While many people may assume that physiotherapy is the last thing that a person with respiratory issues should be doing, the opposite is in fact true. Proper breathing technique is a major part of most physical therapies, and physical training in general. Because of this, most physical therapists will be experts in proper breathing techniques, and can be extremely helpful to people who are suffering from respiratory issues.
Physiotherapists can be used to help people who have respiratory problems as a result of an underlying medical condition, or for someone who may be recovering from surgery or lung trauma. Two of the most commonly treated respiratory conditions in Ireland are asthma and Cystic Fibrosis.
As you may know, Ireland has the highest rate of Cystic Fibrosis in the world, as well as the fourth highest rate of asthma. Of the number of Irish people with Cystic Fibrosis who died between 2002 and 2010, 70% died as a result of respiratory/cardiac failure. This highlights the importance of training people with conditions like these, not only given the high death rate among the Cystic Fibrosis population, but also due to the prevalence of the disease in Irish society.
What Physiotherapy Entails
There are a number of ways that physiotherapy can be used to treat respiratory problems, depending on what the root cause is. Typically a person with such issues will have visited the doctor and found the underlying cause of their breathing trouble before visiting a therapist, as the problem could be caused from a direct problem with the lungs to something far less obvious, such as neurological issues. If the underlying cause has been identified and physiotherapy has been deemed suitable, the physiotherapist may conduct their own exam to properly identify what techniques should be used.
Many respiratory diseases are characterised by the buildup of fluid (known as sputum) in the lungs. In cases like these, postural drainage is a very common technique. This is where the physiotherapist will teach a patient to lie at certain angles or get into certain positions in order to help drain the lungs of fluid. This can be helped along by the use of patting or medical apparatus in many cases.
In most cases, the physiotherapist will assess how the patient breathes, and how this can be improved. This could range from assigning breathing exercises, to completely retraining how a person breathes. As each case is different, the exact advice given will vary.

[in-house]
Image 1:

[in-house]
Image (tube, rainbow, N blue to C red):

Physiotherapy can also be used to train people how to breathe in an emergency. The majority of people visiting a physiotherapist for breathing problems will have episodes where they have difficulty breathing, such as asthma attacks. Physiotherapy can help people learn techniques to maximise their ability to breathe, reduce the frequency of these events, and prevent them from turning into emergencies.
Breathing exercises are useful not just because they actually get oxygen into the blood, but also because they work out the lungs and reduce the risk of further complications. They can also be used to retrain peoples' breathing, particularly after surgery. In patients with underlying conditions or who have had surgery, we will often find that the way they breathe instinctively and the most efficient way for them them to breathe are not the same. While breathing may seem like a simple matter of inhale-exhale to most of us, there are loads of subtle changes that can be made to make casual breathing considerably easier for people with respiratory issues.
Seeing a Physiotherapist
If you are having difficulty breathing, it is important to visit a doctor. If the underlying cause has been identified and you believe physiotherapy could help, be sure to speak up as much as possible. Things that you may feel are irrelevant could be hugely influential in the programme your therapist sets out, as you need to combine your body and their expertise if you want to achieve the best results.